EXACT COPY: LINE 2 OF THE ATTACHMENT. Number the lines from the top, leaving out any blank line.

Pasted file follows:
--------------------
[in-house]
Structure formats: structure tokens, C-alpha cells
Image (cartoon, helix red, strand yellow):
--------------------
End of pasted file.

Structure formats: structure tokens, C-alpha cells